• So, rights -based approaches to protecting, conserving, and restoring biodiversity are really the only effective and equitable way to save nature and save humanity. Three recommendations:
    1. Rights based approaches should be at the heart of the post2020 Global Biodiversity They should be included in legislation, National Biodiversity Strategies and Action Plans, and in processes for creating and expanding protected areas and their management. Conservation finance expected to be in the hundreds of billions of dollars in the next decade has to be carefully streamed using social and human rights safeguards to ensure donors and investors respect, protect, fulfill, and promote human rights.
    2. The rights of indigenous peoples and local communities (IPLCs) as well as other rural rights holders should be given top priority. Not only in terms of free, prior and informed consent, but also advancing the rights, titles, and governance responsibilities of indigenous peoples and other rural rights holders.
    3. The right to a clean, healthy, and sustainable environment (resolution 48/13) should be incorporated directly into the post-2020 GBF, as well as measurable targets related to its implementation. Recognizing this right empowers everyone to engage in nature conservation, essential for the protection of both human and ecosystem health.
  • It is known that rights-based approaches to conservation work in lands where indigenous people’s titles and rights are recognized are high in biodiversity. Examples are plural around the globe:
    • In Namibia, community conservation areas are leading to larger wildlife populations, economic benefits, and increased human well-being.
    • In Mexico, marine protected area near Cabo Pumo was designated at the request of the local community and has helped rebuild fish populations and generate a thriving ecotourism sector.
    • Indigenous protected and conserved areas in Australia and Canada are protecting biodiversity, reviving cultural traditions and generating economic benefits for indigenous peoples.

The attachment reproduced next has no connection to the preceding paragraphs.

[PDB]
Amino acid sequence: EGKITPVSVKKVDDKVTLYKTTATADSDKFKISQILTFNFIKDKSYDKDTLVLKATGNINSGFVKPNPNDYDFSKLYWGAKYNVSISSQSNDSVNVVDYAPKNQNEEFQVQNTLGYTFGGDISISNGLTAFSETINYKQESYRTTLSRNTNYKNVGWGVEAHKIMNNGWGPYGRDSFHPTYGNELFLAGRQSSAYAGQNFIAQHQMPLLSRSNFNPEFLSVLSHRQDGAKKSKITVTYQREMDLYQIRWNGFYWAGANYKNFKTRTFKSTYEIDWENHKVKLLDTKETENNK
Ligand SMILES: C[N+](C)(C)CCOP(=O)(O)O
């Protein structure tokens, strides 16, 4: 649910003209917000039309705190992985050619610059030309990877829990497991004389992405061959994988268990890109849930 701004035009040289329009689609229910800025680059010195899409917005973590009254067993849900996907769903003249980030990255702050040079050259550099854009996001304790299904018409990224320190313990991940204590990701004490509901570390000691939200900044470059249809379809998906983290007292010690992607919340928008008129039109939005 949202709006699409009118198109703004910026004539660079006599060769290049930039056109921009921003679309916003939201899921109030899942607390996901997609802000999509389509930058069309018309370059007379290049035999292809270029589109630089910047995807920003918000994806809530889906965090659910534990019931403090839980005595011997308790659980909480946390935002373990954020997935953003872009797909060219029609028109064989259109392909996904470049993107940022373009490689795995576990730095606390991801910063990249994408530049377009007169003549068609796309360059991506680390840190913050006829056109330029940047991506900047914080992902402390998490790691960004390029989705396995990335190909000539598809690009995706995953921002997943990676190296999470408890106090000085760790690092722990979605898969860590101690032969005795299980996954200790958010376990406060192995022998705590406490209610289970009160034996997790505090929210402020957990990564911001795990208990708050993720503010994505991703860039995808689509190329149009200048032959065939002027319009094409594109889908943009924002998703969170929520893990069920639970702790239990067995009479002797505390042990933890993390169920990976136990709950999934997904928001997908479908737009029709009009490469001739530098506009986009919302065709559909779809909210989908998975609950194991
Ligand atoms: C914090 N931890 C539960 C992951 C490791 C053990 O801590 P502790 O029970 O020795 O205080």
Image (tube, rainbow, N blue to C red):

Based on international and national human rights law, putting human rights at the heart of conservation is an obligation for governments, not an option.

Helen TUGENDHAT | Environmental Governance Coordinator, Forest Peoples Programme

  • In February 2020, an informal working group on human rights and biodiversity was established. We gathered in Chiang Mai, Thailand, hosted by the Asia Indigenous Peoples Pact, with representatives of many of the Major Groups and observers to this Convention to discuss the challenge of implementing international environmental commitments in a way that contributes to human rights being not only recognized, but potentially enhanced.
  • In Chiang Mai, we discussed ways to enhance the GBF and proposed human rights language to the Rome meetings of the OEWG. During the pandemic, we saw momentum building towards a clearer understanding of the link between human rights and the environment.
  • Two important outcomes produced since then.
    • In March 2021, the Human Rights Council passed a resolution on human rights and the environment.
    • In January of the same year the UN Special Rapporteur on human rights and the environment issued an open letter that recognized:

“[…] The profound importance of implementing a rights-based approach to both the climate and biodiversity crises. A rights-based approach to environmental protection is an obligation, not an option, because of the international human rights commitments made by all States”.

  • Many of the participants knew from their work, experiences and the communities and peoples with whom they worked that human rights violations linked to conservation initiatives are real, and they persist. They are too often denied access to areas culturally sacred to them, or access to the resources that underpin their customary sustainable use patterns. We knew that the Aichi Targets were largely blind to human rights considerations, with a few important exceptions, and we wanted the GBF to do better.
  • The Human Rights in Biodiversity Working Group just launched its most recent collective analyses about the GBF from a human rights perspective. This briefing draws together collaborative analysis from across many organizations, experts in the rights of younger and future generations, in the rights of women, and representatives of indigenous peoples’ and of local communities, and their organizations, all joined our global effort to share and clarify our thinking about the implementation of the GBF.